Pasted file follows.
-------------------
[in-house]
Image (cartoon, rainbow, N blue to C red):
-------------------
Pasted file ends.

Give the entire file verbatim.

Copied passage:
[in-house]
Image (cartoon, rainbow, N blue to C red):